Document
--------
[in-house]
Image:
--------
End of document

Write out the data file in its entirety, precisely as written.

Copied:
[in-house]
Image: